LOGIN TO YOUR ACCOUNT

Username
Password
Remember Me
Or use your Academic/Social account:

CREATE AN ACCOUNT

Or use your Academic/Social account:

Congratulations!

You have just completed your registration at OpenAire.

Before you can login to the site, you will need to activate your account. An e-mail will be sent to you with the proper instructions.

Important!

Please note that this site is currently undergoing Beta testing.
Any new content you create is not guaranteed to be present to the final version of the site upon release.

Thank you for your patience,
OpenAire Dev Team.

Close This Message

CREATE AN ACCOUNT

Name:
Username:
Password:
Verify Password:
E-mail:
Verify E-mail:
*All Fields Are Required.
Please Verify You Are Human:
fbtwitterlinkedinvimeoflicker grey 14rssslideshare1
Languages: English
Types: Unknown
Subjects: Education, hospitality
The impact of the free market, neoliberal ideology of globalisation has initiated student mobility within higher education circles; Initiating a shift towards a diverse multicultural student base within universities (Albech 2002; Thomas 2004). These sliding landscapes have impacted the dynamics within the group work process often providing for greater diversity in communication styles helping the development of intercultural competence (De Vita 2000; Popav et al. 2012). Despites these benefits MCGW has been found to exert conflicting influences of asymmetrical power relationships within the group members often initiating challenges and tensions for students. \ud \ud Clearly cultural diversity cannot be stereotyped as factors such as age and gender can affect groupwork dynamics. However, literature indicates socio-culture behavioural norms may impact small groupwork and a lack of knowledge of the differences in members’ social norms, behaviour and values may provide for conflicts within the multicultural groupwork assessment process; as student socio-cultural expectations of verbal communication norms may be challenged within small groupwork (Popov et al. 2012; Vryonides 2007; Cox and Blake 1991; De Vita 2002; Kimmel and Volet 2010; Bourdieu 1990; Eisner 1992). \ud What is less known is how to manage these challenges.\ud \ud Workshop Format \ud \ud The aim of this workshop is to bring awareness of how socio-cultural behavioural norms may impact the group assessment process. This will be achieved by presenting a series of models derived from literature encapsulating the benefits and challenges students face. The workshop will then unravel a ‘capability set of competencies for being intercultural’ as derived from the work of Bridges (2014; Nussbaum 2002) which indicate that if students possess these key multicultural competencies they will become better communicators within the MCGW process. What is less known within literature is how an appreciation of these competencies can be infused and taught within Higher education. This will form the main element of the workshop\ud \ud Empowered with these studies the workshop will invite lecturers to consider:\ud \ud 1) How the ‘capability set of intercultural competencies’ can be infused within their teaching. \ud 2) To design a conceptual model which will enable students from different cultural backgrounds to appreciate the diversity and maximise their group productivity. \ud \ud It is hoped that this workshop will bring light on how to capitalise on the benefits cultural diversity brings to the groupwork assessment process.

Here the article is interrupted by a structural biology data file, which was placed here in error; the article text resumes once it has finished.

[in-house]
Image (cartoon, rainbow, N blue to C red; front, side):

• No references.
  • No related research data.
  • No similar publications.

Share - Bookmark

Download from

Cite this article